1. Torsional strength of material

Can anyone give us a quick rundown on the tortional strength of a tube in relation to it's OD?

What I really need to know is how much i'm gaining on torsional strength by going hollow as oposed to solid, and where do you draw the line.

Weight and strength in torsion is critical in this aplication.
Thanks
Pieter

2. You're not gaining on torsional strength by going hollow, but losing weigth and a little strength.

The formula to compare is, for centerpoint in the middle:

Solid:
Ip = Pi / 32 * D^4

Hollow:
Ip = Pi / 32 * (D^4 - d^4)

You will see that all the strength is concentrated on the outside, so beware of "tin foiling" your design.

3. Torsional stiffness increases with the fourth power of diameter, so for the same weight of material, a tube of double diameter will have roughly 16 time the torsional stiffness.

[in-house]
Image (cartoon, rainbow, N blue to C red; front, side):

This works both ways, when looking at propellor shafts, a little bit too thin can be a lot too weak.

If your design is limited to a set OD, and weight and torsional stiffness being critical, then moving to a higher strength alloy, and a thinner walled tube will enable you to improve both parameters.

4. Is there another way of determining that turning point, or should i continue on the "that looks about right" path?

• You've got the formula, the continuation of the "that looks about right path" is something you have to discuss with your insurance company.